The OBEGAL surplus of $414 million in the year to 30 June 2015 is equal to 0.2 per cent of GDP and the Government’s operating balance inclusive of gains and losses was a surplus of $5.8 billion or equal to 2.4 percent of GDP.

While core Crown expenses grew by $1.2 billion (1.7 per cent), the increase in spending was lower than the pace of growth in the economy, resulting in expenses easing to 30.1 per cent of GDP, compared with over 34 per cent of GDP four years ago.

“Returning to surplus in 2014/15 is a significant milestone. I’m proud of the steps taken across the wider public service to help deliver the surplus target while also improving the quality of social services delivered to New Zealanders,”  Mr English says.

“The Government is committed to continued prudent management of the public finances, including ongoing attention to operating spending and the underlying drivers of demand for public services. The Government supports reprioritisation of spending that is not delivering results and rigorous management of the Crown balance sheet.

“Our focus must remain on steady and ongoing reductions in public debt over the medium term. That is the most prudent approach to take in a still uncertain global environment,” Mr English says.

“The economy is growing. It recently registered its 18th consecutive quarter of expansion to deliver annual growth of 2.4 per cent in June 2015.

“The Government’s programme to build a more productive economy is delivering dividends in the form of higher living standards and better quality essential services. And it is also delivering returns in terms of the health of the Crown’s finances.

“What today’s figures from Treasury indicate is the Crown’s overall finances have been radically turned around in the years since they had to absorb cumulative shocks outside of the control of any government,” Mr English says.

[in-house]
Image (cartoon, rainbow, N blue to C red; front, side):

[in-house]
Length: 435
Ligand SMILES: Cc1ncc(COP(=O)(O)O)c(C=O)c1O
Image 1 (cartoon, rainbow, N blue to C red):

In the wake of those shocks, the Crown’s annual operating balance excluding gains and losses (OBEGAL) was a deficit of $18.4 billion – that’s equivalent to around nine per cent of national income or GDP in that year.

“It has required very careful stewardship over day-to-day expenses to permit the Government to chip away at the size of the OBEGAL deficits year after year and, in 2014/15, to return to surplus and deliver on the target first set in 2011,” Mr English says.

“Our focus must remain on steady and ongoing reductions in public debt over the medium term. That is the most prudent approach to take in a still uncertain global environment,” Mr English says.

Having criticised National for running deficits for siz years Labour have switched to criticising them for not spending more (which would keep us in deficit).

Nats sacrifice Kiwis’ health and education for surplus

by Grant Robertson on October 14, 2015

National’s drive for surplus has meant less investment in critical areas like health, education, housing and transport – yet John Key told Parliament today he wants the money for cycleways, Labour’s Finance spokesperson Grant Robertson says.

“The Government’s belated surplus has been partly achieved by dropping spending by $235m in education, $97m on housing and community development, $52m in health and over $300m on transport and communications.

“These are critical areas. Too many students are failing NCEA, dilapidated state houses are making people sick, patients are waiting far too long in hospital emergency departments and regional roads and internet services are in desperate need of upgrades.

“It also appears that $444m has been taken out of the EQC claims budget. No one in Canterbury waiting for repairs or needing their repairs redone would think that money isn’t needed.

“Bill English says this is the Government saving money but the truth is he is trying to cover his Budget blushes and belatedly scrape together a surplus.

“Incredibly now the Government is in surplus John Key doesn’t want to fix these critical areas – he wants to spend the money on more cycleways.

“The next time Kiwis find themselves waiting for an operation, getting sick in their home, worrying about their children’s performance at school, or nearly crashing on a dodgy road they can thank their lucky stars Bill English has a surplus and John Key has his cycleways,” Grant Robertson says.

I await Robertson’s plan for spending more, resuming contributions to the Super fund, and reducing Government debt.